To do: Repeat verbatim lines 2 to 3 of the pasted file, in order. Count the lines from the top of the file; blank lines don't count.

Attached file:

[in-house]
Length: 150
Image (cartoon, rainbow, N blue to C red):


Length: 150
Image (cartoon, rainbow, N blue to C red):